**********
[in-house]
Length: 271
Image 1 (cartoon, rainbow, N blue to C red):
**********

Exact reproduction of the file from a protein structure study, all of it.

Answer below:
[in-house]
Length: 271
Image 1 (cartoon, rainbow, N blue to C red):